Motorists are being warned to be aware of changes taking effect in just over two weeks time as the paper counterpart for the driving licence will no longer be issued by the DVLA.
The Institute of Advanced Motorists (IAM) fears many motorists are still confused or unaware of the implications of the paper counterpart no longer having any legal status from June 8.
The paper counterpart was used alongside the photo card driving licence when the latter was introduced in 1998 to include details that could not be included on the card itself, such as any endorsements and which category of vehicles people are entitled to drive.
Before 1998 motorists just had the paper part of the license.
However, from next month, this information will be stored electronically and not be shown on any written documentation drivers will have.
These details can be only be obtained via the DVLA driver record system and be checked online or in writing by post.
As of June 8, the paper counterpart, or an old-style paper driving licence, cannot be relied upon to carry correct or up-to-date information about endorsements or categories of vehicle someone can drive.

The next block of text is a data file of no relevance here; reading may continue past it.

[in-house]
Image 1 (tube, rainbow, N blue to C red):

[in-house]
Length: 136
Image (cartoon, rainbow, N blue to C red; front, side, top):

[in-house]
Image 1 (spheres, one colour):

What is also changing is the court procedure if motorists have to surrender their driving licence in the event of an endorsement.
The court will take the photocard and if drivers include the paper counterpart with their submission, the photocard will be returned to them but the counterpart will not.
However, drivers will be expected to pay their fine in the normal way.
Another change is how to provide proof of your driving record to an employer or car hire firm, as the photocard or paper licence will not be enough in itself any more.
Drivers will be expected to access the details themselves and print those off for submission to a car hire firm or employer.
Or they can call the DVLA and give a third party permission to check their driving record verbally.
If drivers are hiring a vehicle, it is important to check with the car hire firm beforehand what information they need.
Motorists can also obtain a special code from www.gov.uk which allows the hire firm access to your record for 72 hours to make the necessary checks.
Sarah Sillars, IAM chief executive officer, said: “People are not aware of how many of the current procedures are changing. The onus is very much on the individual to obtain the information they need beforehand.
“So we very much hope people will not be caught unawares, especially if they don’t want a nasty surprise when arriving to collect their car at the start of their holiday.”
Visit www.gov.uk for more information on the changes.
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